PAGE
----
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Use of curl of gradient of scalar

  1. Nov 28, 2003 #1
    I'm wondering if physics ever uses a differential equation of the form of a curl of a gradient of a scalar function. Or is this too trivial?

    Thanks.
     
  2. jcsd
  3. Nov 28, 2003 #2

    chroot

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    The curl of the gradient of a scalar function is always zero. So, yeah, it's pretty trivial.

    - Warren
     
  4. Nov 28, 2003 #3
    well yes, but then don't they use the fact that the Laplacian is zero?
     
  5. Nov 28, 2003 #4

    chroot

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    I think I see what you're asking. How about electrostatics? The electric field can be represented by a scalar potential field. Therefore, the curl of the gradient of this field is zero -- the electric field is curl-free.

    - Warren
     
  6. Nov 28, 2003 #5
    Yes, but the Laplacian of an arbitrary function isn't automatically zero, so only certain functions (the harmonic ones) satisfy the condition that their Laplacian is zero. Every function satisfies the condition that the curl of its gradient equals zero, so that equation is not too useful on its own.
     
  7. Nov 28, 2003 #6
    as ambitwistor correctly points out: the laplacian is not zero.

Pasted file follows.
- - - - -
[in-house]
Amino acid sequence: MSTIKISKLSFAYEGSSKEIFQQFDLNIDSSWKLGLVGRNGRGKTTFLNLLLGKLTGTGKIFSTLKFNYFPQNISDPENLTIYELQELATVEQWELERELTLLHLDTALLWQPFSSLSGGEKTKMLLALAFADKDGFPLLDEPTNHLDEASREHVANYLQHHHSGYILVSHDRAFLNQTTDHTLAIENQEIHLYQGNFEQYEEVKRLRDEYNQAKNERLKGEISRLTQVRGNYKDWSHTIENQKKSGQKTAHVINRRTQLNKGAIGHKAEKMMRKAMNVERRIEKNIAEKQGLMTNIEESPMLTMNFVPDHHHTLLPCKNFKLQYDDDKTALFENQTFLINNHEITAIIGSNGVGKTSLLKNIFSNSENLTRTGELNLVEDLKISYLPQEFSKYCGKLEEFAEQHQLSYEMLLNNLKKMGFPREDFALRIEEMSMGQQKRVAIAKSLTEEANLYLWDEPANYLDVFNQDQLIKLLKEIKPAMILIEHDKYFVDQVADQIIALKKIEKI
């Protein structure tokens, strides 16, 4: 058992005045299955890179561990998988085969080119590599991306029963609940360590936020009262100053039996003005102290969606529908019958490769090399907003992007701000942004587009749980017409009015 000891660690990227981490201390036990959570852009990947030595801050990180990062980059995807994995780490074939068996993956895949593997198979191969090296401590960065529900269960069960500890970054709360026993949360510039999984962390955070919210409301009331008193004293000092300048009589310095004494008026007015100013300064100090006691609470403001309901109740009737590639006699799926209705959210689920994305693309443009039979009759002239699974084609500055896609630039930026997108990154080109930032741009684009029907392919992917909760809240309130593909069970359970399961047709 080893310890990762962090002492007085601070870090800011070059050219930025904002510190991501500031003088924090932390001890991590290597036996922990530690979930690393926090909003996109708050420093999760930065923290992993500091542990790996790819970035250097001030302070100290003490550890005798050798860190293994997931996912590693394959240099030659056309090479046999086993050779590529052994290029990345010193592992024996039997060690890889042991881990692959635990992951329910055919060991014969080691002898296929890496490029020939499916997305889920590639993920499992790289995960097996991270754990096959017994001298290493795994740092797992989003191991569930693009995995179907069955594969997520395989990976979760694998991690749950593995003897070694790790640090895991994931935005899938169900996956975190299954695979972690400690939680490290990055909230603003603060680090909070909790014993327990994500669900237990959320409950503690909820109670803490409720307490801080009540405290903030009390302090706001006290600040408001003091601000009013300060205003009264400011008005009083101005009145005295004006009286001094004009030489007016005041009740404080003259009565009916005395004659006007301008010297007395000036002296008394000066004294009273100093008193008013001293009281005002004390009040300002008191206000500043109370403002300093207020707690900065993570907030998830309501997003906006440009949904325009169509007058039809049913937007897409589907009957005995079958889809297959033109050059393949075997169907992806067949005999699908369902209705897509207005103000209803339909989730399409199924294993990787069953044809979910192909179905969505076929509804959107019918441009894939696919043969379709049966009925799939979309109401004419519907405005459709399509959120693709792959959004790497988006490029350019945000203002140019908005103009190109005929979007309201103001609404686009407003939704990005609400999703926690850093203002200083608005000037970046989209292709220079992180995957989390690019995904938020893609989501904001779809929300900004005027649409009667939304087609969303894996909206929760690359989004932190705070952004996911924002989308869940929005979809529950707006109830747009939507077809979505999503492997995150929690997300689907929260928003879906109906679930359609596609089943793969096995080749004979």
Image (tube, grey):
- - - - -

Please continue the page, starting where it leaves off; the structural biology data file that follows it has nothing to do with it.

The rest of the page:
the the curl of a gradient is zero.

    physicists use both facts.
     
  8. Nov 28, 2003 #7
    In other words, you could never find a "unique" function that satisfies the conditions. For ALL functions satisfy the conditions, right? Thanks.
     
  9. Nov 28, 2003 #8
    Yes, but the question is HOW do they use the fact that the curl of the gradient of a scalar. Yes they use it in Stoke's theorem, but do they use it in its differential form?
     
  10. Nov 28, 2003 #9
    Yes, all functions satisfy the condition that the curl of their gradient is zero. In the case that the Laplacian is zero, there isn't a unique function that satisfies that condition (unless you also supply boundary conditions), but nor is it true that every function satisfies it, either. That's what makes it more interesting than an equation to which every function is a solution.
     
  11. Nov 28, 2003 #10
    you bet they do. this fact is the basis of de Rham cohomology. it provides a powerful tool for topological classification of manifolds, which rests on Poincaré duality, which is really just an application of Stokes theorem.
     
  12. Mar 20, 2009 #11
    Yeah I'm glad as physicists we never really run into those weird functions that don't obey Clairaut's Theorem. Because if we did then technically the curl of a gradient of a scalar function wouldn't necessarily be zero. Since the curl of a gradient gives us second order mixed partial derivatives of the function in question like Fxy - Fyx as the z component, this may or may not be zero for Every function out there, though is certainly true for smooth twice continuously differentiable functions at least. SO the statement should be not that every function has a zero curl gradient but that only continuous smooth functions do, because a piecewise continuous function is certainly a function whether its smooth or not.
     
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